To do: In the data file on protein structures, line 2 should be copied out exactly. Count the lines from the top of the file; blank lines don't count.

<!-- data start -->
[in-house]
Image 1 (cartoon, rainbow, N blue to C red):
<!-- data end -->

Image 1 (cartoon, rainbow, N blue to C red):